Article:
Achieving Zero Trust for Data Security

Immuta makes context-aware access decisions automatically on every query, ensuring only the right people can access the right data for the right reasons. Dynamic access controls eliminate reliance on manual or trust-based controls.

Automatic Data Discovery and Classification

Immuta automatically scans data sources, detects sensitive data, and creates standardized tags across any connected platforms. Pre-built and customizable classifiers simplify the process and ensure that access controls are properly applied to the right data. Immuta also integrates with catalog metadata to streamline data discovery and eliminate manual, error-prone tasks.

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Scalable Purpose-Based Access Controls

To simplify compliance with zero trust principles, Immuta provides attribute- and purpose-based access controls that permit or restrict access based on how and why data will be used. These highly specific controls are easily scalable and adaptable, and with fewer rules to maintain there is less risk of human error.

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Dynamic Data Masking for Minimization

By dynamically implementing advanced data masking techniques, including k-anonymization and randomized response, at query time, Immuta makes it possible for data teams to tailor access authorization to a relevant set of data. This helps them achieve data minimization by limiting data use to only what is directly relevant and necessary and ensure a high level of confidentiality.

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Improved Data Security & Compliance
Always-On Data Monitoring and Auditing

Immuta automatically monitors and logs all actions in your data platform to prove compliant data use and investigate incidents. By tracking policy changes, access requests, queries executed, and more, data governance and compliance teams can ensure that actions taken on data adhere to approved purposes and the zero trust security model.

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Trusted by World Leaders

Federal governments like the United States are stressing the importance of the zero trust architecture by mandating it across departments and agencies. With massive volumes of sensitive data and use cases, these governing bodies cannot let manual processes or weak systems put their data at risk. Implementing automation and dynamic controls helps remove the guesswork.

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Frequently Asked Questions

What is the zero trust methodology?

The zero trust methodology is based on the idea that no users should be implicitly trusted with access to data within a specific ecosystem. Instead, zero trust security models require continuous authentication and authorization of user access. Zero trust methodologies are increasingly relevant amid the broad shift to the cloud, as fewer organizations rely on traditional on-premises environments with defined network edges. Aligning to zero trust principles better enables secure data use across any type of data ecosystem, whether local, cloud-based, or hybrid, and reduces risks of data leaks or breaches.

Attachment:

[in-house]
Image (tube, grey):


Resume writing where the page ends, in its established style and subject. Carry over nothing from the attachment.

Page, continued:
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What are the core Zero Trust principles?

The core zero trust principles comprise six pillars: identity, device, network, application, workload, and data.

  • Identity is an attribute(s) of the data user, such as their title, department, or location.
  • Device refers to technology assets that can connect to a network, including laptops and servers.
  • Networks are mediums through which communications flow, such as the internet and internal messaging systems.
  • Applications and workloads are the systems, programs, and services operating within the data ecosystem.
  • Data refers to the assets that must be managed across devices, networks, and applications. This includes data at rest and in transit.
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How are Zero Trust and access control related?

Access control is a key tenet of zero trust security models because it helps data and compliance teams ensure that the right data is accessed by only the right people at the right time. Attribute-based access control (ABAC) is best suited for enabling zero trust architectures because it makes dynamic access decisions at query time based on qualities about the user, object, environment, and intended action. Role-based access control (RBAC), on the other hand, singularly ties access decisions to a user’s role, which runs the risk of permitting data access too broadly instead of continuously authenticating it.

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What should be included in a Zero Trust framework?

Zero trust frameworks should give organizations a full view into what data they have, where it lives, how it is being used, and by whom. Such a framework will provide the ability to easily discover, tag, and classify sensitive data as it enters the network; automatically enforce dynamic access controls and masking techniques to secure data at scale; and continuously monitor data to prove compliance and/or investigate incidents in real time. In essence, zero trust frameworks enable data teams to put the “never trust, always verify” ethos into practice while seamlessly integrating with existing systems and processes.

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